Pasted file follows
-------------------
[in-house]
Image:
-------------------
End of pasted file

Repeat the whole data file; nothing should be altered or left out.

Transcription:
[in-house]
Image: